So then they put me in jail. Michael apologized and offered to put me in some separate, carpeted cubicle that locks instead of the regular jail. It was sort of the like the Lafayette County white-collar crime unit.

Things did not go well in my cubicle. After the narcotics started wearing off, I lay down on the floor. The maybe-dispatcher opened the door and said, “What are you doing?”

“Lying down.”

“You can’t do that.”

“I’m on a lot of narcotics and they’re running out. I need more.”

“I’m getting Michael.”

Michael came to my cubicle and started to work things out again. For a second I thought I would marry him if I were not already married to someone who had my kids and my car keys and all the fruits of my interior decorating skills.

I learned from Michael that I forgot to do a bi-monthly financial disclosure to my ex-husband’s divorce lawyer who I have decided not to pay until I have cleaned up all our IRS troubles from when we lived in NYC and cleared out our 401K’s to pay for medical expenses without understanding the (insane) tax ramifications. I have written before that I am very bad with paper work. Sometimes, if there is a legal thing that I can’t figure out, I just don’t. I make mistakes.

I did not explain any of this to the maybe-dispatcher as I filled out more paperwork.

I disclosed a salary of $150,000. She flipped. She said she thinks I’m a liar.

I asked why. She said, “You have two names, you claim you’re a millionaire, and you’re lying on the floor taking drugs.”

Darlington is a touchy place. I am the only blogger here. Of course. And maybe everyone is friends with the maybe-dispatcher and they will say, “She didn’t say that!” So, okay, maybe she didn’t say that, but she said something like that. I’m getting the gist of it. And if you want a complete transcript of daily life in Darlington, Wisconsin, get your own blog.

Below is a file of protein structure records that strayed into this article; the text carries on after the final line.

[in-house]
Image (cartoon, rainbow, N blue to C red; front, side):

I told her that $150,000 is nothing in New York City.

She didn’t care. She faxed my forms to some magical central repository of paperwork for people who have warrants out for their arrest. Then Michael drove me home.

He was so nice.

The next day he read my blog and wrote such a nice email about what he got from reading it. I told myself that people in Darlington will love my blog and I will be popular and loved and I will live happily ever after.

The next day he brought the farmer a copy of The Five People You Meet in Heaven and said maybe it will help the farmer deal with me. I told myself the farmer and I will stay married forever because we have such a good, small-town support system.

The next day Michael saw me driving. He came back to the house. He said, “You can’t drive. You don’t have a driver’s license.”

I said, “Yeah. I know. I didn’t need one when I lived in New York City because there are subways. And when I moved to Madison, I couldn’t figure out how to get a driver’s license. I mean, I’ve tried a few times and I couldn’t do it. ”

“Couldn’t do it? What do you mean?”

“Well, it’s very complicated. Did you read my post about the DMV?”

“You have to have a license.”

“Well, it’s not technically illegal to drive without a license in Wisconsin. I’ve been pulled over a lot in Madison and they just give me a $200 ticket and let me go.”

“We’re going to give you a $200 ticket every time you drive your car in Darlington.”

When he said that, my stomach tightened and I felt sick. I started wishing I were still on narcotics because that might make everything better.

So now is coming the advice part of this post. I mean, not that there isn’t a lot of advice here already, like, don’t ride a donkey near spraying water, and if you want a conversation to disappear for a little while, take narcotics.

But really, this story is about damage control. The donkey story happened at the beginning of the summer, when I had just moved to the farm, and the inability to drive put me over the edge. I locked myself in the pantry and called my friend Sharon and cried in the dark, on the floor, next to flour and sugar until my eyes were too puffy to tear anymore.

Then, here’s what I did to start fixing things. And these are actually tactics that have fixed a lot of things in my life: